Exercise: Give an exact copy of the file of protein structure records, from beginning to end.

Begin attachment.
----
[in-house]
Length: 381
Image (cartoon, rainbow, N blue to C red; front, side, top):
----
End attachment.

[in-house]
Length: 381
Image (cartoon, rainbow, N blue to C red; front, side, top):